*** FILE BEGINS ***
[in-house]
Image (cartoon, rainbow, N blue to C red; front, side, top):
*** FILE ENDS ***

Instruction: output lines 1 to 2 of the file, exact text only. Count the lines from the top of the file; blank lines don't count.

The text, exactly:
[in-house]
Image (cartoon, rainbow, N blue to C red; front, side, top):